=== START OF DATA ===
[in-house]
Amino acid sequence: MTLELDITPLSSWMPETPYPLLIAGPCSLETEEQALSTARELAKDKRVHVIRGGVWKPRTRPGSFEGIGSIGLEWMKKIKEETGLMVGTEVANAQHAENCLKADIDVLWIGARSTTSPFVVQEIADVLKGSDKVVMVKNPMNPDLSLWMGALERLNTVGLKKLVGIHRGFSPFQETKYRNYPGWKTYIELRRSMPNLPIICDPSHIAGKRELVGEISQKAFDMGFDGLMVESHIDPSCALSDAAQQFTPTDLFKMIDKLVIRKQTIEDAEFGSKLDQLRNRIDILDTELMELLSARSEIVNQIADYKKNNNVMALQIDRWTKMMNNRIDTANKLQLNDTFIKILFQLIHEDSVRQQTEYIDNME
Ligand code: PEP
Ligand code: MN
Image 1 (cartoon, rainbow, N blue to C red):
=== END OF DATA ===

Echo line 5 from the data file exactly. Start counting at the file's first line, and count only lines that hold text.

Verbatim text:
Image 1 (cartoon, rainbow, N blue to C red):